I loved this stone relief of three mother goddesses found at Ashcroft, Cirencester in 1899. They are made of local ooilitic limestone, and date back to 2nd or 3rd century AD
 This one was found at the same time, it is also of mother goddesses, it is very classical in style and in marked contrast to the one above which is rather stern and upright.
 Here's the Hare Mosaic, it's virtually complete and was found in a Roman townhouse at The Beeches, it dates to 4th century AD. Not long after it was covered by a hypocaust system, an ancient Roman heating system, comprising a hollow space under the floor of a building, into which hot air was directed. This is apparently a unique motif as a centrepiece in Britain. It has tiny pieces of green glass in the hare's back.
 I took this photo on the way out because  I was talking to Amanda in one of the rooms behind the yellow machinery
 On the way back to the car park, I walked through the centre of Cirencester and was reminded of how old the place is.

I'm hoping we can organise a visit to Corinium Museum in 2020, it's a fabulous place.

 

 

Thursday, 17 October 2019

Ken White's Private View

The Friends' committee organised a Private View for Ken White's exhibition currently in the gallery at the museum on the first day of the exhibition. There was a fabulous turn out, with around 90 people attending, and canapes provided by The Olive Tree cafe, situated adjacent to TWIGS. I'll post a few of the photos I took during the evening.
 We had a bar licence for the evening and so were able to sell alcohol from the 'bar' seen above
 Phyllida, canapes in left hand, and Ruth above chatting
 Canapes seen on the right hand side of the photo, and below I asked Graham if he would pose with this picture because his polo shirt was almost the same colour as the smoke in the painting.
 It wasn't easy to get a photo of Ken in relaxed pose, here he is behind Vicky and Sally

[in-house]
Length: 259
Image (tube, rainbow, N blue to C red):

Jeremy and Marion having a chat
 Phyllida with canapes in the entrance to the gallery, with Martin enjoying them
 Sophie Cummings, Curator at Swindon Museum and Art Gallery was kind enough to come and chat about the exhibitions, and when she would be giving lunch time talks, I think.
The next FREE lunchtime talk is tomorrow 18 October from 12.30pm-1.00pm about the exhibition: 'Touring the Swindon Collection 60 years On', about the exhibition in the main part of the gallery
 Here's another photo of Ken White
 and Sophie again, in the photo below, with Angela Atkinson in blue with her back to the camera. Angela has written a book in association with Ken about his life and work, available in the museum shop, booksellers in the town, and online, it's well worth a look with masses of illustrations. I haven't read it yet, just looked at the pictures so far, and they're brilliant.
 Tom Seaward from Swindon Advertiser wrote a piece in the Adver to celebrate the show, and here's Ken below with brother Mike and his wife Sue at the end of a brilliant evening. Thank you to all those who came and made it very special. We raised almost £200 in the raffle donated by Ken, it was one of his linocuts.
After the PV, some of the committee went to relax in the Eternal Optimist where we were able to discuss the highlights of the evening.
Thank you once again to all those involved who made it such a special evening.
Don't miss Ken White in conversation with Andy Binks at 7.30pm on 28 and 29 November. Tickets from Swindon MAG or www.friendsofsmag.org